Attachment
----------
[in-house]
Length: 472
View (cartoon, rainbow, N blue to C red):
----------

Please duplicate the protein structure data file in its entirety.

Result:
[in-house]
Length: 472
View (cartoon, rainbow, N blue to C red):